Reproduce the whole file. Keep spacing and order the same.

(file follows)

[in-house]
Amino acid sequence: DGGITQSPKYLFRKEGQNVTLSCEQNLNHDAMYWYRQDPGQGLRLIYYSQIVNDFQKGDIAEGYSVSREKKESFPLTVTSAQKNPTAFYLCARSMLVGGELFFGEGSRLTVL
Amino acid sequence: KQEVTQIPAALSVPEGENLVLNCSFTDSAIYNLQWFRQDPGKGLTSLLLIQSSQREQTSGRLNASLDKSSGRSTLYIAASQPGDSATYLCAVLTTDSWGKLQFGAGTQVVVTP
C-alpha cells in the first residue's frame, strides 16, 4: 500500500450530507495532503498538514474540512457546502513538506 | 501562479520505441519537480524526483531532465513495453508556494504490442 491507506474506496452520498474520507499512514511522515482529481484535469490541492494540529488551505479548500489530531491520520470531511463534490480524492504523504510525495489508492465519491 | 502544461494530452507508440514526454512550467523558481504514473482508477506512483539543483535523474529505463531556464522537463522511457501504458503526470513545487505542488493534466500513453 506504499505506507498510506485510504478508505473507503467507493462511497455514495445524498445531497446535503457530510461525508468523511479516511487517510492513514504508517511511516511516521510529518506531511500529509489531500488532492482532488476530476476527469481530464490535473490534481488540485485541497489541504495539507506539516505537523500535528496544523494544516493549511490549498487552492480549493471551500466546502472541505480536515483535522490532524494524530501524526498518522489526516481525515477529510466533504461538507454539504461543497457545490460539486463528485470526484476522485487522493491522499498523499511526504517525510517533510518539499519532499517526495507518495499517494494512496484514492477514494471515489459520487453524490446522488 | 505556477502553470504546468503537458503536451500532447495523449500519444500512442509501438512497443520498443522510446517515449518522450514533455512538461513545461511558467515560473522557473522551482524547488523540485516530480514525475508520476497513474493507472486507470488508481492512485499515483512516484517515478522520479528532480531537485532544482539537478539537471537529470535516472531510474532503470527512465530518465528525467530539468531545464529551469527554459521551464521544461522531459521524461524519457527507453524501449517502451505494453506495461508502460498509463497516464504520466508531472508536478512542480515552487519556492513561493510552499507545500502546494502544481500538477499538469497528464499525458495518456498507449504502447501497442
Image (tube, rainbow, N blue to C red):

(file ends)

[in-house]
Amino acid sequence: DGGITQSPKYLFRKEGQNVTLSCEQNLNHDAMYWYRQDPGQGLRLIYYSQIVNDFQKGDIAEGYSVSREKKESFPLTVTSAQKNPTAFYLCARSMLVGGELFFGEGSRLTVL
Amino acid sequence: KQEVTQIPAALSVPEGENLVLNCSFTDSAIYNLQWFRQDPGKGLTSLLLIQSSQREQTSGRLNASLDKSSGRSTLYIAASQPGDSATYLCAVLTTDSWGKLQFGAGTQVVVTP
C-alpha cells in the first residue's frame, strides 16, 4: 500500500450530507495532503498538514474540512457546502513538506 | 501562479520505441519537480524526483531532465513495453508556494504490442 491507506474506496452520498474520507499512514511522515482529481484535469490541492494540529488551505479548500489530531491520520470531511463534490480524492504523504510525495489508492465519491 | 502544461494530452507508440514526454512550467523558481504514473482508477506512483539543483535523474529505463531556464522537463522511457501504458503526470513545487505542488493534466500513453 506504499505506507498510506485510504478508505473507503467507493462511497455514495445524498445531497446535503457530510461525508468523511479516511487517510492513514504508517511511516511516521510529518506531511500529509489531500488532492482532488476530476476527469481530464490535473490534481488540485485541497489541504495539507506539516505537523500535528496544523494544516493549511490549498487552492480549493471551500466546502472541505480536515483535522490532524494524530501524526498518522489526516481525515477529510466533504461538507454539504461543497457545490460539486463528485470526484476522485487522493491522499498523499511526504517525510517533510518539499519532499517526495507518495499517494494512496484514492477514494471515489459520487453524490446522488 | 505556477502553470504546468503537458503536451500532447495523449500519444500512442509501438512497443520498443522510446517515449518522450514533455512538461513545461511558467515560473522557473522551482524547488523540485516530480514525475508520476497513474493507472486507470488508481492512485499515483512516484517515478522520479528532480531537485532544482539537478539537471537529470535516472531510474532503470527512465530518465528525467530539468531545464529551469527554459521551464521544461522531459521524461524519457527507453524501449517502451505494453506495461508502460498509463497516464504520466508531472508536478512542480515552487519556492513561493510552499507545500502546494502544481500538477499538469497528464499525458495518456498507449504502447501497442
Image (tube, rainbow, N blue to C red):